By Dr Oliver Tearle (Loughborough University)
‘The Lottery’ is a famous 1948 short story of the American writer Shirley Jackson. The story focuses on a village where an annual lottery is drawn, with the fate of the person who draws the ‘winning’ slip only revealed at the end of the story. Jackson’s story is about a dark side to human behaviour which had become fully exposed during the horrors of the 1940s, especially in Europe.
In ‘The Lottery’, Jackson uses several key symbols to support and reinforce her story’s key ideas. But the meaning of these symbols, and the precise nature of the symbolism her story uses, require further examination to be fully understood. So let’s take a closer look at the most prominent symbols in this troubling but brilliant story.
Summer is the setting for the story, the events of which take place on the morning of 27 June one year, between ten o’clock in the morning and midday. But this summer setting is also laden with symbolism, because of the significance of crops in the story, and the link which the villagers perceive between their village lottery and the success (or failure) of their harvest that year.
In this connection, it is obviously significant that the man who conducts the lottery is named Mr Summers. It is as if this ‘jovial’ childless man is the embodiment or personification of the summer itself and the ritual the villagers observe to try to make the summer a favourable one for their crops.
The Black Box.
The old black box, which the villagers use every year to draw the name of the unlucky ‘winner’ of the lottery, is also rich in symbolism. Black is the colour of death, of course, and the sombre colour of the box emphasises the seriousness with which the villagers approach their annual ritual, as well as emphasising the grisly fate of the unlucky ‘winner’ of the lottery at the end of the story. (Jackson complicates this symbolism, though, by telling us that the so-called ‘black box’ was not entirely black, since it was so faded and stained.)
But the black box has symbolism for the characters in the story, too. It symbolises the long-standing tradition of the lottery, which has been running for many years; this is why the villagers are reluctant to discard it, despite its shabby appearance. Indeed, there is a story that the present box had been constructed from earlier boxes, providing a link between the present lottery and all the lotteries conducted in previous years.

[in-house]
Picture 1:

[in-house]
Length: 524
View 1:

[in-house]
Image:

The black box is also a symbolic link with the origins of the village itself: it is rumoured that the first box (from which this one descends) was created by the founders of the village, long ago.
The Black Spot.
Along with the black box which houses the slips of paper for the lottery, the black spot – made by Mr Summers with his pencil on one of the slips – is full of symbolism and significance. The idea of having a ‘black mark’ against your name is an old phrase, originally derived from the practice of putting a black cross or other mark against the name of a person who has incurred some kind of punishment.
Here, the black spot is somewhat ironic if we bear in mind the idea of a ‘black mark’. Tessie Hutchinson has not done anything to incur her punishment, and it cannot really be described as a ‘punishment’ as such. Instead, she is merely the unlucky one who selects the ‘wrong’ slip of paper.
The Lottery Itself.
The annual lottery is itself rich in symbolism: it embodies the random chance at the heart of the villagers’ ritual, and thus makes what occurs seem even more callous and nonsensical. (The effect is also greatly enhanced by the rather light-hearted way most villagers approach the lottery: Mr Summers is ‘jovial’, there is grinning as the slips are selected, and laughter is mentioned no fewer than seven times.)
Of course, there’s an element of irony in Shirley Jackson’s use of the lottery as a device in her story. Lotteries are usually entered voluntarily by hopeful people who want to win something: money, or prizes. In the community described in her story, the lottery is compulsory and the ‘winner’ is actually the loser.
In this connection, we might draw a parallel with another ‘lottery’ short story produced just a few years before Jackson’s: the Argentine writer Jorge Luis Borges’ ‘The Lottery in Babylon’ (1941), which describes a lottery that has been ‘played’ for centuries in the mythical city of Babylon.
Although this lottery initially began as a way of giving away prizes, it eventually developed so that fines would be given out as well as rewards, and participation in the lottery became compulsory. Like Borges, Jackson turns the positive associations of the lottery on their head and makes it a vehicle for blood sacrifice.
Finally, we might reflect upon the symbolism of the stones in the story. Stoning is an ancient method of execution which has been around for thousands of years. It famously features in the Old Testament, and even continues to be practised in certain parts of the world.
There are two things we can observe about this practice. First, it is barbaric, with the victim being assailed continually by sharp stones which gradually injure them until they die from their injuries. Second, it is a punishment carried out by a collective, rather than, say, one axeman or one hangman. This is important for Jackson’s story, of course, because every villager joins in when it is time to advance on Tessie Hutchinson and carry out the sacrifice.